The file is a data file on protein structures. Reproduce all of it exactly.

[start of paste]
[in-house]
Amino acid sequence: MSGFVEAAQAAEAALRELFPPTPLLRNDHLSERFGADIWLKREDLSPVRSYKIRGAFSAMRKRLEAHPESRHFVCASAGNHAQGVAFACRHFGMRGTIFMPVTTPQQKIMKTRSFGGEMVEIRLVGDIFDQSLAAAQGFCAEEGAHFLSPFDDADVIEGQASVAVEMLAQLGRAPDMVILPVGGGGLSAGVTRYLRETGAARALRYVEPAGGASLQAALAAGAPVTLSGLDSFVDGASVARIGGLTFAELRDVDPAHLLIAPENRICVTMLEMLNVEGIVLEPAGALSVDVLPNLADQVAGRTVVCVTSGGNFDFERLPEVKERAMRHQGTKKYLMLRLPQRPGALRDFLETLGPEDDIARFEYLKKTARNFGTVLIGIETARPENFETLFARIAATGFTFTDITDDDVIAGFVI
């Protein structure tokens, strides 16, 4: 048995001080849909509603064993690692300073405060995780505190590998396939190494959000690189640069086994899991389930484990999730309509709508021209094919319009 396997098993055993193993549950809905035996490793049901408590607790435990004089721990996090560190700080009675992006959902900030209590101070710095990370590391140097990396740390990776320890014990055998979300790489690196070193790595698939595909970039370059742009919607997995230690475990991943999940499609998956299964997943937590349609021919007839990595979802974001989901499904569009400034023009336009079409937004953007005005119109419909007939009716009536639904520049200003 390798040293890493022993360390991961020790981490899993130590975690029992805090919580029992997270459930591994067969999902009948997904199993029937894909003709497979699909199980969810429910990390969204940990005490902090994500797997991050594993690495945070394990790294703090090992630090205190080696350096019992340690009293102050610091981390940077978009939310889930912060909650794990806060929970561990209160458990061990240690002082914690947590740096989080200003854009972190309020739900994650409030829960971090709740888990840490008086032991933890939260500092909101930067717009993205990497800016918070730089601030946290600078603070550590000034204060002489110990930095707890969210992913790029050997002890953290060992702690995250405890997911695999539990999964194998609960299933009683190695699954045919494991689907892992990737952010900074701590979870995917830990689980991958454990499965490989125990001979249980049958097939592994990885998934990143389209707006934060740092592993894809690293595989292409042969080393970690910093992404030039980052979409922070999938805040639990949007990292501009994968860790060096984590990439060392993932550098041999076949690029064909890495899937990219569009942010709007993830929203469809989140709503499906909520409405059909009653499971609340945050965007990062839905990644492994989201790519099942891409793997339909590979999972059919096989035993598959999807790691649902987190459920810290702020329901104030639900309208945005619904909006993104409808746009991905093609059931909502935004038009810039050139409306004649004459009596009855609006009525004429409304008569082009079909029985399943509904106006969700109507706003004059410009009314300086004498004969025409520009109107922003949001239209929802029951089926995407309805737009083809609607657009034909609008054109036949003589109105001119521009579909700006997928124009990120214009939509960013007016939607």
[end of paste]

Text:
[in-house]
Amino acid sequence: MSGFVEAAQAAEAALRELFPPTPLLRNDHLSERFGADIWLKREDLSPVRSYKIRGAFSAMRKRLEAHPESRHFVCASAGNHAQGVAFACRHFGMRGTIFMPVTTPQQKIMKTRSFGGEMVEIRLVGDIFDQSLAAAQGFCAEEGAHFLSPFDDADVIEGQASVAVEMLAQLGRAPDMVILPVGGGGLSAGVTRYLRETGAARALRYVEPAGGASLQAALAAGAPVTLSGLDSFVDGASVARIGGLTFAELRDVDPAHLLIAPENRICVTMLEMLNVEGIVLEPAGALSVDVLPNLADQVAGRTVVCVTSGGNFDFERLPEVKERAMRHQGTKKYLMLRLPQRPGALRDFLETLGPEDDIARFEYLKKTARNFGTVLIGIETARPENFETLFARIAATGFTFTDITDDDVIAGFVI
């Protein structure tokens, strides 16, 4: 048995001080849909509603064993690692300073405060995780505190590998396939190494959000690189640069086994899991389930484990999730309509709508021209094919319009 396997098993055993193993549950809905035996490793049901408590607790435990004089721990996090560190700080009675992006959902900030209590101070710095990370590391140097990396740390990776320890014990055998979300790489690196070193790595698939595909970039370059742009919607997995230690475990991943999940499609998956299964997943937590349609021919007839990595979802974001989901499904569009400034023009336009079409937004953007005005119109419909007939009716009536639904520049200003 390798040293890493022993360390991961020790981490899993130590975690029992805090919580029992997270459930591994067969999902009948997904199993029937894909003709497979699909199980969810429910990390969204940990005490902090994500797997991050594993690495945070394990790294703090090992630090205190080696350096019992340690009293102050610091981390940077978009939310889930912060909650794990806060929970561990209160458990061990240690002082914690947590740096989080200003854009972190309020739900994650409030829960971090709740888990840490008086032991933890939260500092909101930067717009993205990497800016918070730089601030946290600078603070550590000034204060002489110990930095707890969210992913790029050997002890953290060992702690995250405890997911695999539990999964194998609960299933009683190695699954045919494991689907892992990737952010900074701590979870995917830990689980991958454990499965490989125990001979249980049958097939592994990885998934990143389209707006934060740092592993894809690293595989292409042969080393970690910093992404030039980052979409922070999938805040639990949007990292501009994968860790060096984590990439060392993932550098041999076949690029064909890495899937990219569009942010709007993830929203469809989140709503499906909520409405059909009653499971609340945050965007990062839905990644492994989201790519099942891409793997339909590979999972059919096989035993598959999807790691649902987190459920810290702020329901104030639900309208945005619904909006993104409808746009991905093609059931909502935004038009810039050139409306004649004459009596009855609006009525004429409304008569082009079909029985399943509904106006969700109507706003004059410009009314300086004498004969025409520009109107922003949001239209929802029951089926995407309805737009083809609607657009034909609008054109036949003589109105001119521009579909700006997928124009990120214009939509960013007016939607």